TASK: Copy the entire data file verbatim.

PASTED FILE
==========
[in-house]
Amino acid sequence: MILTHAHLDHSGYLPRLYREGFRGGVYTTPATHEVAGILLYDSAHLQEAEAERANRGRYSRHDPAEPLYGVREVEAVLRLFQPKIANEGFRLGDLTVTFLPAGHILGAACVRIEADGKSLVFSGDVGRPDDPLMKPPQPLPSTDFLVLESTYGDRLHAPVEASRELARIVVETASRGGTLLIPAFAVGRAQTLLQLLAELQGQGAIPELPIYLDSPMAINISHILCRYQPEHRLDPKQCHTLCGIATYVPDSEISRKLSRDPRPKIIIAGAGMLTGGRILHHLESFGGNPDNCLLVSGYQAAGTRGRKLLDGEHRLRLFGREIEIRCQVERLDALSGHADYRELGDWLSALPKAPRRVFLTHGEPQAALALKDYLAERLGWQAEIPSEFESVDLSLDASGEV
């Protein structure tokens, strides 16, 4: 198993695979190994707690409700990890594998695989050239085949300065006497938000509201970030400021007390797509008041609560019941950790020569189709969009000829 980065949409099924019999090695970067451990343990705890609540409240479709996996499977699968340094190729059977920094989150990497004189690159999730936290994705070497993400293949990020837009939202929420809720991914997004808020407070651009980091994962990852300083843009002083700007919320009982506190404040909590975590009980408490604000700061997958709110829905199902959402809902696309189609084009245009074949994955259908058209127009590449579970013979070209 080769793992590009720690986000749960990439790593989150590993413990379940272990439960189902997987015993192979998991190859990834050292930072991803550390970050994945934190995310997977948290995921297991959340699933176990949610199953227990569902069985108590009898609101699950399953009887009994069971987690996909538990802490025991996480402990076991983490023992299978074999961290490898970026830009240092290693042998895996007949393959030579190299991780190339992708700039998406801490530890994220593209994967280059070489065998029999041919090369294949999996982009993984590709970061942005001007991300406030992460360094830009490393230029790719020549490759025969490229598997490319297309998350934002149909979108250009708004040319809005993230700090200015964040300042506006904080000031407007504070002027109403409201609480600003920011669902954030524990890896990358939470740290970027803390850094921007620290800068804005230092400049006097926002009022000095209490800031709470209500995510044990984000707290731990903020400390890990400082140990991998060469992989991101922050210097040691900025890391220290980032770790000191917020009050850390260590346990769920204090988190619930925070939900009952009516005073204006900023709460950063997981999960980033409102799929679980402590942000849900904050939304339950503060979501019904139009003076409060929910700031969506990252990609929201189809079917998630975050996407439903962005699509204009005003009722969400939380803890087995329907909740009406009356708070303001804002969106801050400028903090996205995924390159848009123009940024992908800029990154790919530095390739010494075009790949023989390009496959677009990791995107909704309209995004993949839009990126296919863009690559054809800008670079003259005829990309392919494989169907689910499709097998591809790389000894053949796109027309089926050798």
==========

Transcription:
[in-house]
Amino acid sequence: MILTHAHLDHSGYLPRLYREGFRGGVYTTPATHEVAGILLYDSAHLQEAEAERANRGRYSRHDPAEPLYGVREVEAVLRLFQPKIANEGFRLGDLTVTFLPAGHILGAACVRIEADGKSLVFSGDVGRPDDPLMKPPQPLPSTDFLVLESTYGDRLHAPVEASRELARIVVETASRGGTLLIPAFAVGRAQTLLQLLAELQGQGAIPELPIYLDSPMAINISHILCRYQPEHRLDPKQCHTLCGIATYVPDSEISRKLSRDPRPKIIIAGAGMLTGGRILHHLESFGGNPDNCLLVSGYQAAGTRGRKLLDGEHRLRLFGREIEIRCQVERLDALSGHADYRELGDWLSALPKAPRRVFLTHGEPQAALALKDYLAERLGWQAEIPSEFESVDLSLDASGEV
């Protein structure tokens, strides 16, 4: 198993695979190994707690409700990890594998695989050239085949300065006497938000509201970030400021007390797509008041609560019941950790020569189709969009000829 980065949409099924019999090695970067451990343990705890609540409240479709996996499977699968340094190729059977920094989150990497004189690159999730936290994705070497993400293949990020837009939202929420809720991914997004808020407070651009980091994962990852300083843009002083700007919320009982506190404040909590975590009980408490604000700061997958709110829905199902959402809902696309189609084009245009074949994955259908058209127009590449579970013979070209 080769793992590009720690986000749960990439790593989150590993413990379940272990439960189902997987015993192979998991190859990834050292930072991803550390970050994945934190995310997977948290995921297991959340699933176990949610199953227990569902069985108590009898609101699950399953009887009994069971987690996909538990802490025991996480402990076991983490023992299978074999961290490898970026830009240092290693042998895996007949393959030579190299991780190339992708700039998406801490530890994220593209994967280059070489065998029999041919090369294949999996982009993984590709970061942005001007991300406030992460360094830009490393230029790719020549490759025969490229598997490319297309998350934002149909979108250009708004040319809005993230700090200015964040300042506006904080000031407007504070002027109403409201609480600003920011669902954030524990890896990358939470740290970027803390850094921007620290800068804005230092400049006097926002009022000095209490800031709470209500995510044990984000707290731990903020400390890990400082140990991998060469992989991101922050210097040691900025890391220290980032770790000191917020009050850390260590346990769920204090988190619930925070939900009952009516005073204006900023709460950063997981999960980033409102799929679980402590942000849900904050939304339950503060979501019904139009003076409060929910700031969506990252990609929201189809079917998630975050996407439903962005699509204009005003009722969400939380803890087995329907909740009406009356708070303001804002969106801050400028903090996205995924390159848009123009940024992908800029990154790919530095390739010494075009790949023989390009496959677009990791995107909704309209995004993949839009990126296919863009690559054809800008670079003259005829990309392919494989169907689910499709097998591809790389000894053949796109027309089926050798």